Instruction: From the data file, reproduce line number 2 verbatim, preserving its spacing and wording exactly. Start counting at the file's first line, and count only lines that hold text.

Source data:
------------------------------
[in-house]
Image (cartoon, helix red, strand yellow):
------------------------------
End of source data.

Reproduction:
Image (cartoon, helix red, strand yellow):